And then Lopez made his statement about this new takeover.

“We would love to fight Josh Taylor. We would love to fight Regis Prograis. Or even a rematch with George Kambosos. My whole thing now is just staying focused and staying devoted.”

Though, the stars were a trio of Top Rank fighters who preceded Lopez. Davis, Anderson, and Zayas gave the Garden crowd a thrill and continued to progress. They were asked as were Top Rank executives how long and when will title opportunities come?

Boxing, different from the other sports, does have that slogan of patience being a virtue and this applies here. Anderson retained his 100 percent knockout ratio with a second round TKO and captured the WBO International and WBC Silver USNBC titles.

He landed a total of 54 of 114 punches thrown within the first three minutes of the fight, and you want to see that from a rising heavyweight.

Davis, a Olympic silver medalist (7-0, 5 KOs) had the toughest test of his career by defeating three-time world title challenger Juan Carlos Burgos (35-7-3, 21 KO’s) via eight-round unanimous decision. Davis controlled the fight from beginning to end with his speed, power and superior skills.

And Zayes, (15-0, 10 KO’s) continued his ascension. Top Rank envisions him to be their next prominent fighter from Puerto Rico, very much like their accomplishments with four-division champion Miguel Cotto who headlined numerous cards at the Garden before record sellouts.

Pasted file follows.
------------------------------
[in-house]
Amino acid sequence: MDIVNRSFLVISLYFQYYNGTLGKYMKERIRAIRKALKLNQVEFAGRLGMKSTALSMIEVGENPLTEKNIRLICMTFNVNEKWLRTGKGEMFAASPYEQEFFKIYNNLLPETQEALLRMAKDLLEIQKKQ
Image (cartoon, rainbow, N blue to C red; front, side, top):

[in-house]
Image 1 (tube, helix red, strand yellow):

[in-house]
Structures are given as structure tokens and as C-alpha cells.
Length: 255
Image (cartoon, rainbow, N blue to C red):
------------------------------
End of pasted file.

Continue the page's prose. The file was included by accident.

But Zayes is still learning and progressing his craft and could headline an annual Top Rank promoted June event which takes place the night before the annual Puerto Rican National Parade in New York

He retained his NABO 154-pound title and captured the NABF belt, alphabet soup, perhaps, but the beginning of positioning for major fights in the new year with that possible Garden date in June.

It was a Garden crowd cheering from the first round as Zayes found his spots and took the 8-round unanimous decision over Alexis Salazar (26-5, 10 KO’s) in the toughest test of his young career.

“Little by little, we keep improving, keep getting better,” he said. “But I feel like we can still work a little bit on everything. My distance. My punch output. My defense. My angles. Everything. I feel like we can improve on everything.”

An evening at the Garden for the future stars of Top Rank. Though, for Lopez, finding  a way to adjust and attempt another takeover.


Rich Mancuso: Twitter@Ring786 Facebook.com/Rich Mancuso. Watch “Sports With Rich” with Rich and Robert Rizzo Tuesday evening live 8pmET on the SLG Network and YouTube






About the Author

Rich Mancuso

Rich Mancuso is a regular contributor at NY Sports Day, covering countless New York Mets, Yankees, and MLB teams along with some of the greatest boxing matches over the years. He is an award winning sports journalist and previously worked for The Associated Press, New York Daily News, Gannett, and BoxingInsider.com, in a career that spans almost 40 years.